White’s TreasureMaster’s first owners have started their metal detecting hunts. Will these new products be able to bury the legendary Garrett ACE? Here’s a feedback: White’s TreasureMaster after Garrett ACE 250.
A treasure hunter PK has sent a feedback – his first month with the White’s TreasureMaster. PK’s previous machine was the Garrett ACE 250 (it’s a pity the feedback has no photos attached, so I’m adding some borrowed ones – with them it’s easier to understand what PK is writing about).
Hi there! I got my White’s TreasureMaster a month ago and have something to share with you. Should I start with the bad or good things? Ok, I will start off with the bad.
What I haven’t liked
The first thing that upleasantly surprised me when I opened the box was the lower shaft length. This shaft piece lies diagonally in the metal detector box. The latter is of considerable size. And the shaft is still longer. It became immediately clear that it would be impossible to tuck the whole shaft into a backpack. When I mounted a coil on it, it became even longer.
My old Garrett ACE 250 had fitted in a small backpack. Plus it had been possible to put a small shovel there, too, and I had comfortably gone on a hunt using public transport. The TreasureMaster can’t fit in this backpack. And this applies not only to the lower shaft, but also the upper one with the control box. It’s longer than that of the Garrett ACE.
There are two options: either looking for a backpack like fisherman’s one or cutting up the shaft and making a dismountable threaded coupling. I think I won’t cut it so far. And when taking the White’s TreasureMaster along with me for the first time, I came to the hunting spot with this shaft, like a walking-stick, in hand.
The second thing that upleasantly surprised me was absence of the coil cover. And some explanation is needed here. The point is that in all the pictures of White’s TreasureMaster the coil looks as if it were with a cover. In sober fact, this is a kind of skirting on the coil that creates such an illusion. I don’t know whether the manufacturer intentionally made it or they needed this skirting for some reason or other. I mistook it for the coil cover.
While looking at this false skirting imitating the cover I’ve come to the conclusion that everything doesn’t look very reliable. I’ll have to additionally seal the coil.
I took along my headphones to hunt with – simple ones, working through a female-male jack adapter. I had used them with my old ACE 250 before. But that time hunting with the headphones went wrong. The point is that the White’s TreasureMaster has a headphone jack located on the side of the housing.
So, having a ‘dowel’ sticking up on the side, I was afraid that every time the metal detector gave a lurch this dowel would break out the socket.
What I’ve liked
The White’s TreasureMaster is lightweight! Not that my ACE 250 had been heavy, but the TreasureMaster has less weight.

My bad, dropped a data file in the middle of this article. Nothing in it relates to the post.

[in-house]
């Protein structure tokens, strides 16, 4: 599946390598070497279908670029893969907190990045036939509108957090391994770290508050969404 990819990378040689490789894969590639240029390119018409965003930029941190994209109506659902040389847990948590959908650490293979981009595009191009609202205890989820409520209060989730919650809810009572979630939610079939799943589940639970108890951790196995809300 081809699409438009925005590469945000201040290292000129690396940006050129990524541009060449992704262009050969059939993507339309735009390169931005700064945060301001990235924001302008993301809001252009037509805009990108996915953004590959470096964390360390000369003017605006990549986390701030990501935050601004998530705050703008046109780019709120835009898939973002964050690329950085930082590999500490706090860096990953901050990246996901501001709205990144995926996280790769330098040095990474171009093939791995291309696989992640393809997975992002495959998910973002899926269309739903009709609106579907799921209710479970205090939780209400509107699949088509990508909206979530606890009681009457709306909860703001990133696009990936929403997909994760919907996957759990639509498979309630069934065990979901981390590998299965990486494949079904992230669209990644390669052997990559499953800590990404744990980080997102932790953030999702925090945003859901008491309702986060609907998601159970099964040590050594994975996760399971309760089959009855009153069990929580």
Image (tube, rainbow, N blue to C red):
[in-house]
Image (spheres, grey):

The power supply: 2 AA batteries. I had already used rechargeable batteries in my Garrett ACE 250 for a couple of years. As you might know the ACE 250 has 4 pieces of batteries. And now I have 2 sets for my metal detector! That’ll probably be a trifle to somebody, but this has pleased me. Goodbye spare batteries.
There is volume control. Yay! I had to add headphones to my old ACE 250 at one time – just because the machine has no volume control.
You can choose from the tones – 1, 2 and 4 of them. I can’t say it is a super plus. The ACE 250’s tone range had also suited me very well. But the mere fact of this setting has made me happy. You feel like being at least a semi-pro, if not a pro (just kidding, I realize what kind of metal detector I have in my hands).
There is automatic ground balance. I first thought it was a marketing ploy. I don’t know how, but it kinda works. I was in that field where my ACE 250 at full sensitivity had given a false response at each sweep. It’s probably because of high mineralization (fertilizers on the field). The White’s TreasureMaster sometimes also gave false responses, but there were considerably fewer of them.
There is VDI. And when switching the pinpoint mode on, there is a depth value displayed in large figures at this place on the screen. On the White’s TreasureMaster you can choose either cm or inches (switch between them).
None the wiser
Sometimes an indication arrow in pinpoint mode starts jumping in a semicircle erratically. It most commonly occurs if the TreasureMaster doesn’t pick up a target. Maybe I haven’t fully understood this detector, I’ll test it further.
There is threshold. I haven’t tried this feature yet.
The TreasureMaster screen is kinda large, but has slightly low contrast. Just a bit dust-covered – and you have to peer at it.
The White’s TreasureMaster has one peculiarity. I don’t know whether to count it as the good or bad. I got used to fast swinging with the ACE 250. Here, you shouldn’t swing the TreasureMaster coil too fast as you can easily miss a coin. So I’m getting used to smooth sweep motion.
The White’s TreasureMaster is definitely worth its money. I haven’t regretted buying it yet. Good luck to everyone hunting!
Thanks PK! That’s a good report.
All about the Garrett ACE 250 is collected here (news, tests, comparisons with other devices, different reviews and opinions). Plus, on Knowledgebase pages there is additional information you should know before buying the Garrett ACE 250. The experience of others will help you save your time and money. Happy hunting to everyone!
Encuentro muy interesantes sus opiniones, y de ah? la pregunta: En el caso de los PI, cual ser?a el de mayor rendimiento (en profundidad) Se que son muchas las variables (mineralizacion del suelo, si es acu?tico etc) pero independiente de eso, cual elijirian? (excluyendo el GPX 5000, probablemente el mejor) En otras palabras: Cual es el que le sigue?